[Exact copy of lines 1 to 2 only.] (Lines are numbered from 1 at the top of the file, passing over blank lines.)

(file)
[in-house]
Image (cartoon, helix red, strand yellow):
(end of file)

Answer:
[in-house]
Image (cartoon, helix red, strand yellow):